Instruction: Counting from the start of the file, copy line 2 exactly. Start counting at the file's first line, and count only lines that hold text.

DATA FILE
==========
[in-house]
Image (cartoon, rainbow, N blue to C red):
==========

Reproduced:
Image (cartoon, rainbow, N blue to C red):